Notice what takes places in this temptation. God gives unconditionally, while Satan gives conditionally. God gives and is then worshiped, while Satan must have the worship first. But Satan’s promises are lies. He promised Adam and Eve that they would become like God and they didn’t. He promised Judas thirty pieces of silver for betraying Jesus, and in the end, Judas threw the money away.

This temptation is still around today. The devil readily tells us that we can be at peace with all people. All we need do is surrender our faithfulness to God’s Word. So what if not everyone agrees with the Bible one hundred percent. The important thing is that we all get along, right? As long as we make this a better world where everyone is happy, we’re all good, right? That’s the important thing, worshipping the true god is not really that important. That is what’s behind Satan’s temptation. Why worship God when you can worship Satan?

The final temptation Luke records sees a different twist. In the final temptation, the devil put on the robes of the preacher. He quoted from the Word of God, but He only quoted the words that suited his purpose. He begins by first questioning whether or not Jesus is truly the Son of God. The devil quoted from the very psalm that we used in the Introit for today, Psalm 91, but he left out words that change the meaning of the passage. In this way, the devil changed the psalm from God’s promise to protect us into God’s permission to do stupid things, like jump from the pinnacle of a very tall building.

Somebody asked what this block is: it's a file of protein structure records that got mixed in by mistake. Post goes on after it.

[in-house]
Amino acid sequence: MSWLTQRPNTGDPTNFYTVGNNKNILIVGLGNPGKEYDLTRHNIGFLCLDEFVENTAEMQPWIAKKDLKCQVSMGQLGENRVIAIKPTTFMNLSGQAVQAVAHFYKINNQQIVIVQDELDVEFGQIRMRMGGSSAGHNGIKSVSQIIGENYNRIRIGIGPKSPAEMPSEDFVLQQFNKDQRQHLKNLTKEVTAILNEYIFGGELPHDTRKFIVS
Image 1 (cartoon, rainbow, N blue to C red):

By jumping off the temple and having God’s angels protect Him before the eyes of all the people, Jesus could give the people dramatic proof of who He is; He could give them the kind of Messiah they want and avoid misunderstanding and rejection. But again, Jesus says no. He will not test God in this way; he will not try to use God for his own ends. Faithfulness and obedience to God are more important than effectiveness. And again, if Jesus had not said no, if he had used God for his own popularity and success, he would not have been crucified.

We come to the end result of all of the temptations: “And when the devil had ended every temptation, he departed from him until an opportune time.” This means that the devil did not depart forever, but only until an opportune time.  The devil tempted Jesus over and over again.  He did not quit until Jesus was dead. Jesus’ resistance to the temptations of Satan, which begins immediately following His Baptism, will lead to His crucifixion. Every temptation was fought with the Word of God. Even as Jesus died, He fought off the temptation with the Word of God, for His last words were a psalm: “Into your hand I commit my spirit.”

We often fall to the devil’s lies, but Jesus never did. Jesus withstood the devil’s temptation on our behalf. He is our champion. He never sinned. He stayed on the hard road to the cross. Jesus fulfilled every promise God made. Jesus withstood the devil himself in the wilderness of hunger. He endured temptation even to the cross. Jesus never wavered, and in the end, Jesus defeated sin, death, and the devil. He rose from the dead. He bought us back with His holy precious blood and His innocent suffering and death, earning for us the forgiveness of all of our sins. In Jesus’ name, amen. Now the peace of God that passes all understanding keep your hearts and minds through faith in Christ Jesus, amen.

 

About Rev. Jared Tucher

I'm a Lutheran (LCMS) pastor serving in Gillette, WY.
Comments Off on Lent 1 – “Tempted” (Luke 4:1-13)

Posted by on February 16, 2016 in Lent, Sermons

 

Comments are closed.

 
Malcare WordPress Security